In October 2015 I wrote two posts in which I indicated that the quality of the TaxProf's series was being diluted, by the addition of extraneous matter. ... The core scandal had been about difficulties processing applications for exempt status. Conservative groups were not getting their exempt status revoked for single statements.

There were quite a few strands of stories that were legitimately connected to the core scandal. Lois Lerner's emails, the congressional investigations, emails lost on servers, how quickly Koskinen moved the investigation on are examples. But extraneous material started creeping in. ...

It seems that the IRS Scandal even more than usual is something that is viewed through ideological glasses. ...

I reached out for some comments on the closing of the day by day scandal coverage.  Joe Kristan refereed me to his post, which ironically became Day 1353.

Thanks to TaxProf Paul Caron for staying on this undercovered story. The IRS and Lois Lerner admitted the targeting on Day 1. People have been trying to walk that back ever since, either by moving the goal posts (“the President was never implicated”) or by pretending the targeting never happened. The tax agency taking on itself the task of targeting political organizations is scarier than it doing so at the bidding of the White House.

Now we wait to see whether the new President will disarm the IRS, or wield it.

Robert Flach, the Wandering Tax Pro wrote me:

I did not follow the professor's coverage. I agreed with you that he "jumped the shark" way back. I felt he was truly beating a dead horse.

I personally strongly oppose the Tea Party and the religious right - but I am also no fan of the Commissioner and felt he mismanaged the IRS. ...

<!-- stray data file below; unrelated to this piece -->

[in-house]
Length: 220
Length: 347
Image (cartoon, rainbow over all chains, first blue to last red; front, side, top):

Paul Streckfus of the EO Tax Journal wrote me:

It's probably time, even if Lois Lerner is the gift that keeps on giving. What's interesting is whether Trump wants to keep the scandal alive. The wild card is the House Freedom Caucus. They probably expect Sessions to open another investigation of Lois Lerner. If so, Caron may have stopped his countdown too soon!

The scandal has really devastated the IRS exempt function.  The groundwork for the next scandal has been laid in this one. The next scandal will be about how nobody is watching exempt organizations creating a playground for scoundrels.

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January 24, 2017 in IRS News, IRS Scandal, Tax | Permalink | Comments (0)

Monday, January 23, 2017

A 'Snow Day' In Malibu

Snow DayAfter a weekend of historic rains in Southern California, Pepperdine cancelled classes today, throwing a monkey wrench into the planned inaugural presentation by Adam Chodorow in our 2017 Tax Policy Workshop Series.  Since my wife and I had already purchased the food for the post-presentation lunch, we opened up our home for lunch with hardy students who ventured to campus and faculty who live on campus.  We ended up having a delightful break in our workdays, reminiscent of the glorious "snow" days of a boy growing up in Boston and of a father raising two children in Cincinnati.  I previously blogged how the wonder of snow days gives way as we grow older, captured by my amazing daughter in this touching article for her high school newspaper:

I almost wish I didn't have these snow days off school.  It was depressing sitting in my house all day, working away to meet adult-like goals rather than simply enjoying the unexpected free time to play in the snow or sled like I did when I was younger. ...

And so the sleds lay dormant in our garage.  Each member of the family worked quietly and separately in different rooms.  Our driveway even lacked the telltale crunched-in snow footprints left by excited children running around in the snow.  Now, the snow seems more of a nuisance than an actual blessing. ...

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January 23, 2017 in About This Blog, Legal Education, Tax | Permalink | Comments (1)

Trump Won't Release Tax Returns, Despite Online Petition With Over 275,000 Signatures; WikiLeaks Hopes To Acquire And Publish Them

Holderness Presents The Unexpected Role Of Tax Salience In State Competition For Businesses At Washington U.

Holderness (2017)Hayes Holderness (Illinois VAP, moving to Richmond) presented The Unexpected Role of Tax Salience in State Competition for Businesses, 84 U. Chi. L. Rev. ___ (2017), at Washington University last week as part of its Faculty Workshop Series: